Early years community corner: Should real food be used in play?

Friday, May 13, 2022

Elaine Bennett (@keyu_official) posed a question in April; ‘Is it ethical to provide food stuffs for play in our settings?’ This provoked reflection on how real food is used in early years and whether it is time to change. Adam Marycz shares others' views as well as his own reflections.

‘In a time where many are choosing whether to heat or eat, with a cost of living crisis and families turning to food banks and voucher schemes to feed their children…should we be using food stuffs as play materials in our settings and classrooms?’ @keyu_official

Most people in early years will have experienced a wide range of food being used during play. I have witnessed children turn cornflour into ‘gloop’, explore both cooked or dried pasta and even delve into a tub of baked beans during sensory play. Food is often the go-to resource for sensory play across early years, other options include; dried foods such as rice, lentils or food that requires preparation such as: jelly, cooking spaghetti or making playdough. However, as the post says, ‘is it ethical?’ The conversation surrounding this topic raised several interesting points.



Laura Henry-Allain MBE (@laurahallain) shared her thoughts. She argues that there are ‘many other sensory play activities’ that ‘have the same impact’ and therefore ‘no’ ‘it is not ethical.’ She says that because ‘we are informed’ we ‘can make a change.’ @keyu_official also reflects on that it was accepted practice across early years a number of years ago to ‘regularly’ fill ‘trays with food for children to play’ and ‘it never occurred to me it was something to think about’, however more recently the conversation has changed, for example ‘one delegate spoke so passionately about not using food’, ‘it made me really rethink things.’

These are viewpoints and experiences to which I can relate. Whilst in recent years I have consciously reduced the amount of food we use for sensory play, we still have dried food as part of our provision in our kitchen/home corner. This includes pasta, rice and tea bags. I think it's time I reconsider this.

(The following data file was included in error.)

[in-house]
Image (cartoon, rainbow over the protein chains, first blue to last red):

@nat.uralobjects also said that she uses ‘dried beans and pulses that are kept for a long time’ for sensory play. She is ‘not keen on pasta and rice being used. These are staples that are given out in food banks’ and ‘times have changed and early years has moved on.’



As more children and their families are likely to be forced to visit food banks in coming months @kidsbookstolife recently shared an amazing book by Kate Milner called ‘It's a No-Money Day.’ It tells the story of a child and their Mum who ‘when there's nothing left in the cupboards’ ‘have to go to the foodbank.’ This is a timely book which explores how children and their families may feel.



Final thought

When I have been reflecting on the challenges of using food in settings and food waste more broadly, it led to me analysing my practice. Over recent months in my setting, I have tried to develop ways to reduce the amount of food waste we generate, or at least not throw so much away. We decided that we should start to recycle our food waste, therefore we created a space in our outdoor area and bought a large composter. We have also provided the children with a small food waste caddy inside so they can learn to recycle food waste themselves.


If you have any thought provoking social media or online posts to share please email them to me at adam.marycz@markallengroup.com

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